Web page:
25 October, 2020

Hot Air Beneath A Layer Of Subcutaneous Fat

Adiga resurrects a Mumbai staple: the grasping builder versus an idealist, parcelling it in comically fustian prose

Getty Images (From Outlook, July 25, 2011)
Hot Air Beneath A Layer Of Subcutaneous Fat
outlookindia.com
-0001-11-30T00:00:00+05:53

With Last Man In Tower, Malgudi metrosexual hits Mumbai, and reports on the reality the city has been living through this past decade. Almost every week, newspapers feature the story of an elderly householder coerced and intimidated by the builder who covets his property. The usual fallouts are disappearance, dementia or death. Reporters have risked their lives—and sometimes lost them—investigating this story. Yet, Aravind Adiga, a journalist himself, has felt compelled to write a novel about it, suggesting fiction might offer newer dimensions.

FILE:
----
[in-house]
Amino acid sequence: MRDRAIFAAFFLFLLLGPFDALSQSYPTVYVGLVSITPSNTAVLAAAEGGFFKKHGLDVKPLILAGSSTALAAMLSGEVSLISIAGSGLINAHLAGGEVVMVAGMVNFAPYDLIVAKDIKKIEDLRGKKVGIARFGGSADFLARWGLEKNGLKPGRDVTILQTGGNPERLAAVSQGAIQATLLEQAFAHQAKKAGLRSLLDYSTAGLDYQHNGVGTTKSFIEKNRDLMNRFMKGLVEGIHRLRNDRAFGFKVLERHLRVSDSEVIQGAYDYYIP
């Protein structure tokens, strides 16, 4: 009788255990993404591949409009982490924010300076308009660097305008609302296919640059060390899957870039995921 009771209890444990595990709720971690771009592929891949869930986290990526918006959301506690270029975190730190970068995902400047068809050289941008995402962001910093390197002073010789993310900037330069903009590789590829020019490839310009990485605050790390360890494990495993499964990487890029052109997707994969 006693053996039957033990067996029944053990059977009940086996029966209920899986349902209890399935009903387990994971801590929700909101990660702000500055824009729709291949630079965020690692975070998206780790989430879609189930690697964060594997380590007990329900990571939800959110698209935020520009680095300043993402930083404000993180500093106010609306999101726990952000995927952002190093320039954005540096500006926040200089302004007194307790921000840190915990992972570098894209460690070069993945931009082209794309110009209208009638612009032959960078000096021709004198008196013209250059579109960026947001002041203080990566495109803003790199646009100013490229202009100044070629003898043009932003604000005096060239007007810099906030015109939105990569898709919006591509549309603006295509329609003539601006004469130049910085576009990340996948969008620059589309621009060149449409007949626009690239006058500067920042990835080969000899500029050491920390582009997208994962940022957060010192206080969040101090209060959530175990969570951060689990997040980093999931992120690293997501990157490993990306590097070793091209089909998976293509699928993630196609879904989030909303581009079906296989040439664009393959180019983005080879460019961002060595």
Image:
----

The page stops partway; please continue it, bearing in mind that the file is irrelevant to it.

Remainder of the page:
This is perhaps the most successful genre in Indian fiction—gonzo journalism gone rogue. Recent practitioners of the art have sold us pulp in very large doses. Published in Britain or in the US, these novels can be nothing less than literary. But story apart, these bloated books have very little to say.

Happily, Adiga opts out of this club. To begin with, his in-built bullshit detector is alive and ticking. He is not embarrassed by his rage, and for once,...

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